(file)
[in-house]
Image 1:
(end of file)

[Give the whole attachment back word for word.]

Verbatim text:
[in-house]
Image 1: